Hull & Humber also chose to sail through the islands but this costly decision is the least of team's problems as skipper, Piers Dudin, explains. "We were piling on the miles early in the day yesterday, running nicely under our medium kite until it managed to wrap itself round the anti-wrap net and onto the inner forestay. Once there it powered up and tore a big hole through the middle section. So we took it down and hoisted the heavy weight kite which we ran with for a while until it managed to hook itself around the top spreader and ended up ripping the whole seam straight down the side. Our sail repair team was asleep at the time, following a seven hour repair to the medium weight kite, so we have redistributed the watches to enable them to start on the next repair."

Hull & Humber's spinnaker issues were partially caused by the challenge of flying a spinnaker at night in poor visibility. Skipper of Edinburgh Inspiring Capital, Matt Pike, understands the danger but recognises that sometimes it is a risk worth taking especially when the schedules reveal that their competitors are making better 24-hour runs. "The fear of flying a kite in the darkness has been replaced by the fear of someone holding a better course," he explains. "My crew are all becoming speed junkies. Every time the speed record is broken there's a queue at the wheel to better it. Even the off watch crew are wanting a turn! No wind instruments? No problem! Our wind awareness is as acute now as any professional team. Having missed our perfect wind window by only four hours we have struggled to claw our way back up the fleet, but it's happening and it's down to the crew's determination and hard work!"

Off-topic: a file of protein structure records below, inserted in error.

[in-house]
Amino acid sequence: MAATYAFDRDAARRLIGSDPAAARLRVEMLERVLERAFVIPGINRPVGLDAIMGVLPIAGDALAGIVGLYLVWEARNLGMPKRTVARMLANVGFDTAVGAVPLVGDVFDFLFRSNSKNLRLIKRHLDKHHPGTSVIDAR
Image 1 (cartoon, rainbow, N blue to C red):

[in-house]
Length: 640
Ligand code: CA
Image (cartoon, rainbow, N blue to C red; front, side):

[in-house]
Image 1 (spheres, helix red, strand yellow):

Positions at 1200 GMT, Tuesday 6 October

Boat, DTF*, and DTL*
Team Finland   2418nm  0nm
Cork   2535nm   117nm
Spirit of Australia    2571nm  154nm
Cape Breton Island   2594nm   176nm
Jamaica Lightning Bolt   2634nm   216nm
Hull & Humber   2634nm    216nm
Qingdao    2641nm    223nm
Edinburgh Inspiring Capital    2675nm    257nm
Uniquely Singapore    2758nm   340nm
California    3172nm   754nm
(*DTF = Distance To Finish, *DTL = Distance To Leader)

Full details of positions, updated every three hours can be found here

Published in Clipper Race
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About the Clipper Round the World Yacht Race

The Clipper Round the World Yacht Race is undoubtedly one of the greatest ocean adventures on the planet, also regarded as one of its toughest endurance challenges. Taking almost a year to complete, it consists of eleven teams competing against each other on the world’s largest matched fleet of 70-foot ocean racing yachts.

The Clipper Race was established in 1996 by Sir Robin Knox-Johnston, the first person to sail solo, non-stop, around the world in 1968-69. His aim was to allow anyone, regardless of previous sailing experience, the chance to embrace the thrill of ocean racing; it is the only event of its kind for amateur sailors. Around 40 per cent of crew are novices and have never sailed before starting a comprehensive training programme ahead of their adventure.

This unique challenge brings together everyone from chief executives to train drivers, nurses and firefighters, farmers, airline pilots and students, from age 18 upwards, to take on Mother Nature’s toughest and most remote conditions. There is no upper age limit, the oldest competitor to date is 76.

Now in its twelfth edition, the Clipper 2019-20 Race started from London, UK, on 02 September 2019.